In the exhibition hall, several companies were demonstrating TSN-ready automotive Ethernet, typically showing real-time control tasks running across an Ethernet network, unfazed by other non-critical data (such as synchronized streams of passenger entertainment audio and video or an end-node going wrong) competing for bandwidth.

Chip vendor Innovasic who has been offering deterministic industrial networking solutions for over ten years was running a demonstration with two Ethernet network segments running side by side, one TSN-enabled, the other for non-critical data. For the TSN gateway boards, the demonstration was using its fido5000 Real-time Ethernet Multi-protocol (REM) Switch, a configurable device the company released nearly three years ago.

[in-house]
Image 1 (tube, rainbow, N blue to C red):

At the show, Innovasic was also launching a TSN evaluation kit pre-installed with the most mature TSN features (802.1AS and 802.1Qbv) while promising software updates to support the other options as they would stabilize.

Innovasic’s stand and demo.

Innovasic’s COO Jordon Woods was quite upbeat about automotive Ethernet. “We’ve been doing deterministic networking for ten years, we’ve got all the know-how in house to integrate our switch with other IP and deliver a complete TSN SoC” he boasted. According to Woods, with the right partner, the automotive sector could drive Innovasic’s business (automotive customers only represent 10 to 15% of the company’s business today).